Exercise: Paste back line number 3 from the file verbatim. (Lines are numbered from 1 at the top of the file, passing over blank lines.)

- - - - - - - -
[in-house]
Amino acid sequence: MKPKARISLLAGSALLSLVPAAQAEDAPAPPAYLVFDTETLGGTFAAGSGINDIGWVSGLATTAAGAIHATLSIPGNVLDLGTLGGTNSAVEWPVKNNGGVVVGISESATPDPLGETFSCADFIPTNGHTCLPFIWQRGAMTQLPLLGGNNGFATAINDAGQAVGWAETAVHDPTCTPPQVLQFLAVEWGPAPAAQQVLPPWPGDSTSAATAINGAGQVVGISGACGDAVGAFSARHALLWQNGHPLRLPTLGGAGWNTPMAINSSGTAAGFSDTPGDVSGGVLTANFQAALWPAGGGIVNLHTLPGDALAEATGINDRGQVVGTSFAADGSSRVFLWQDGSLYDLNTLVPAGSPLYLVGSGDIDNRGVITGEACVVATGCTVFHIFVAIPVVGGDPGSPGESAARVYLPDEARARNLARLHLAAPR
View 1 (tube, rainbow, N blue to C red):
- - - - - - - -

View 1 (tube, rainbow, N blue to C red):